Conservatives mobilize to kill McConnell fallback debt plan

A coalition of conservative groups claiming to represent “millions of Americans” has sent a letter to GOP lawmakers blasting a fallback plan to raise the national debt limit.

The scathing criticism of the plan, unveiled last week by Senate Republican Leader Mitch McConnell (R-Ky.), bolstered conservative senators who have voiced their opposition.

“We write in strong opposition to Sen. Mitch McConnell's ‘contingency plan’ to raise the debt ceiling and pledge the use of every tool at our coalition's disposal to see to its defeat,” the groups wrote in an open letter to Republican lawmakers dated July 18.

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Since McConnell introduced his proposal last week, he has been in negotiations with Senate Majority Leader Harry Reid (D-Nev.) to improve its chances for passage.

But conservative groups want to kill it immediately.

“In one fell swoop, it abdicates congressional responsibility by granting the president the unilateral authority to raise the debt ceiling and undermines our ability to secure real policy changes that will alter our unsustainable fiscal path,” the groups wrote.

Several groups that work with Tea Party activists signed the letter: American Majority Action, Club for Growth, FreedomWorks, Let Freedom Ring and RedState.com.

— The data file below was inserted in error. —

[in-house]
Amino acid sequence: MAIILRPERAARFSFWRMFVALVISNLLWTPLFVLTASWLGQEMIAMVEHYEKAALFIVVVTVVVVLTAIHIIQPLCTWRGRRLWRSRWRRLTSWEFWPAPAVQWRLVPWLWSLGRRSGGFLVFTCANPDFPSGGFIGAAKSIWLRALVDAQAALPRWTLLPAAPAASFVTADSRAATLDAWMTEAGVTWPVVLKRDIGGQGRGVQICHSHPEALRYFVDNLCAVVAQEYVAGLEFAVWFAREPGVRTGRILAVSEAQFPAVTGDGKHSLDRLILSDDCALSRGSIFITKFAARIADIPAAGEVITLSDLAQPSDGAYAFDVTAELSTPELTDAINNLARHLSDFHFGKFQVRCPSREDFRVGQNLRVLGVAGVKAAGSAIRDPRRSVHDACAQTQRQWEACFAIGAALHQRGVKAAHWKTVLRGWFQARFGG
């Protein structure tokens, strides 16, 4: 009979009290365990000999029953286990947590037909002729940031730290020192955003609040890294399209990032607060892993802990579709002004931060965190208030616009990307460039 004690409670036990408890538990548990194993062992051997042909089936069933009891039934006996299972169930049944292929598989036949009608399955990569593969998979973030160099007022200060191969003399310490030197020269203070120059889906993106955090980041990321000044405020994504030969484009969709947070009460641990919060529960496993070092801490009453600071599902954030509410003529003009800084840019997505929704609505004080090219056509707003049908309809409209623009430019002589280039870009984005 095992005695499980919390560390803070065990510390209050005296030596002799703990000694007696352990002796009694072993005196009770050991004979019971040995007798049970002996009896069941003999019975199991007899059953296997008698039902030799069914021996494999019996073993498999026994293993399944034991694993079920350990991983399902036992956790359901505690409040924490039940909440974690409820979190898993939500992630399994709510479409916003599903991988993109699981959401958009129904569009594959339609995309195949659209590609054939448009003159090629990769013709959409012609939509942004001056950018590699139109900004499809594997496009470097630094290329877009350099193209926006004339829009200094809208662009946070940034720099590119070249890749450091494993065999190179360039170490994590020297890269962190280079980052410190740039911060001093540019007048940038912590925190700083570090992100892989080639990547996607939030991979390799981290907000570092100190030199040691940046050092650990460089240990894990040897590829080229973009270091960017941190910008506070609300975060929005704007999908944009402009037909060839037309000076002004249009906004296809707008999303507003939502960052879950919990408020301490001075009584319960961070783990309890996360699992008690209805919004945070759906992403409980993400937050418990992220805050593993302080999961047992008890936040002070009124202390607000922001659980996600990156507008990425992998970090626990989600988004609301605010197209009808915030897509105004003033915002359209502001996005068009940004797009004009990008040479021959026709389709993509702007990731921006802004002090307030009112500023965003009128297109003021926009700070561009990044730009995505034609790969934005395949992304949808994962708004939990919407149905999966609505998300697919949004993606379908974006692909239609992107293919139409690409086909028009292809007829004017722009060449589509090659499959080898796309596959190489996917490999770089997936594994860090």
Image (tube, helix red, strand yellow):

They warned GOP leaders would ignore the conservative political mandate of 2010 by deferring authority to raise the debt limit to President Obama.

“Our nation stands at a crossroads and your constituents did not elect you to stay on our current course and hit cruise control,” the groups wrote. “The debt ceiling debate has provided us with an unprecedented opportunity to steer America in a direction of fiscal restraint and sustainability. We will not sit idly by while that opportunity is frittered away with a plan to avoid hard policy choices in favor of election-year campaign fodder.”

Legislation McConnell introduced last week would give Obama nearly unilateral authority to raise the debt limit by $2.5 trillion in three tranches. Congress could block the requests only by passing resolutions of disapproval.

The plan would give Obama nearly unfettered power to increase borrowing authority because he could veto any resolutions of disapproval. Opponents would have to muster two-thirds support in both chambers to override him.

McConnell and Reid have since discussed amending it by attaching $1.5 trillion in spending cuts and setting up a special congressional committee to assemble a deficit-reduction package that would receive guaranteed floor votes.

The conservative groups threatened to lower the congressional rating of any lawmaker who voted for that plan.

“Those of us with congressional scorecards commit to designating any vote on the McConnell-Reid-Pelosi ‘Cut, Run, and Hide’ plan as a ‘key vote’ that will carry the heaviest weight possible,” they wrote.

Conservatives are pushing lawmakers to support instead the "cut, cap and balance" bill, which would require Congress pass a balanced-budget amendment to the Constitution before raising the debt limit.

“The "Cut, Cap, and Balance" plan to cut our deficit, cap spending, and pass a strong Balanced Budget Amendment is a proposal to create a sustainable fiscal future for generations to come,” the groups wrote.